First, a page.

Caitlin Alton

Project Title: (2011) Cultural Diversity in Mile End: Everyday Interactions between Hasidim and Non-Hasidim. Masters thesis, Concordia University.

Thesis Link: http://spectrum.library.concordia.ca/7399/



In this thesis I have examined how Hasidim and non-Hasidim interact in Mile End in a microstudy of one street in the neighbourhood, Rue Hutchison. Through this work I provide insight into the broader picture of interculturalism and reasonable accommodation in Montreal. Most people living in Mile End like living in a diverse neighbourhood; however, there is a continuum of adjustment for interviewees in Mile End which reflects how comfortable they are living with Hasidim. Through oral history interviews, ethnography, and a collaborative ethos of sharing authority with interviewees I show places where interactions between Hasidim and non-Hasidim occur, show their importance to residents living in the neighbourhood, and the potential to bring people from different groups into contact or exposure with each other. I believe the most important part of what makes a multi-ethnic neighbourhood work are individual relationships, such as those I developed with my interviewees.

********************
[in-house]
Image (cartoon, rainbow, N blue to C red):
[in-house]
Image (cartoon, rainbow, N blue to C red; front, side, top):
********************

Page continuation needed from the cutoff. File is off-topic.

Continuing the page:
This work makes two unique and important contributions. First, it explores the interactions between these two groups, and their potential for creating mutual understanding. Second, this thesis makes use of an innovative research methodology: a combination of oral history and ethnography. Through oral history I allowed interviewees to share the realities of their day-to-day life and through ethnography I observed how people live and move through the neighbourhood.

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